The big news out of Apple this week is that the iconic company is introducing a newer, less expensive iPhone in tandem with its revised version of iPhone 5.
Why is the new iPhone 5c ($99) more economical than the new iPhone 5s ($199)? The big reason is the material used to create the body of the 5c — plastic, as opposed to the aluminum body of its higher-end sibling.
But that does not mean that Apple’s award-winning designers or engineers wanted anything about the plastic-bodied phone to look or feel cheap or less-reliable.
In a video introducing the 5c at Cupertino, Calif.-based Apple’s news conference, design chief Jony Ive stressed the high-end manufacturing that goes into the one-piece polycarbonate outer body — from the steel reinforced frame that also serves as the antenna to the high gloss coating.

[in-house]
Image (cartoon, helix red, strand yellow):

“It is an extraordinarily rigid structure and has a solid, dense feel that you would not expect from a plastic product,” he said.
Because it is made from plastic, it was easy for the phone maker to offer the 5c in several colors: green, yellow, blue, white and pink.
The lower price for the 5c will allow Apple to reach a wider range of customers, CEO Tim Cook said. The company also said the materials it uses will be environmentally friendly.
Ive said Apple wanted the 5c to be both “colorful and well made.” Using polycarbonate, the company was able to replace multiple parts with a single component, thus creating a “continuous and seamless” exterior.
“[We were] developing form, material and color in unison, with each element informing the other,” he said. “Th
e iPhone 5c is beautifully, unapologetically plastic.”
So if one of the world’s most admired and technologically-advanced devices is made from plastic, plastic injection molding companies in Illinois should have no trouble convincing their customers that “plastic is cool.”